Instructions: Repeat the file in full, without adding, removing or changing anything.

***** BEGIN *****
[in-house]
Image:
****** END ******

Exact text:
[in-house]
Image: